LAMPASAS — A plan for the best way to reimburse county officials for business meals and incidentals may have to travel through additional channels before Lampasas County officials reach a final decision.

Although previously discussed at length, travel reimbursements were again on the county commissioners’ agenda Monday and may result in extra paperwork for the county auditor, department heads and employees.

The county imposed a $35 per diem limit last year in order to offset the costs of parking, meals and other expenses, to prevent excess paperwork and to avoid hours of tallying individual receipts, County Auditor Chris Munn said.

“Where I’m beginning to see a potential problem is the per diem,” Precinct 1 Commissioner Robert Vincent said.

“I happen to know places that provide lunch, but they don’t provide breakfast. I think there needs to be a breakdown on that $35, so that lunch is subtracted, because to me, that’s a way of having a little extra money.”

Vincent also objected to employees receiving the reimbursement if they attend a half-day conference or seminar, saying they should not be entitled to the full amount.

Precinct 2 Commissioner Alex Wittenburg said the reimbursement was supposed to take the place of employees having to keep up with and turn in individual receipts. He suggested the county trust employees to be honest about their traveling expenses.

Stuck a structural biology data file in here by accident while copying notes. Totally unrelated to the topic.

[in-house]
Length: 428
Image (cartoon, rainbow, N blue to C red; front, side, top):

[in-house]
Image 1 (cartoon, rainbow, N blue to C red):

Sheriff David Whitis said the per diem process actually saves the county money.

“My office probably travels more than any other, and per diem has saved my budget, which saves the county money,” Whitis said. “It makes it a lot simpler, in my opinion, not to have to tally individual receipts.

Commissioners tabled the reimbursement issue pending further discussion.

In other business, commissioners approved changes to the county’s personnel policy as presented by Human Resource Director Dorothy Person.

Person outlined changes in the wording regarding the use of county-provided electronic equipment, such as computers, in an effort to prevent employees from making derogatory comments on social media outlets using county equipment while on county time.

“Now that people use social media, it raises questions regarding employees who say something negative about the county or its officials during the regular work day,” Person said.

The group also unanimously supported policy changes that prohibit county employees from engaging in political activity during the work day, and eliminated any campaign activities soliciting votes within 100 feet of county-owned facilities.

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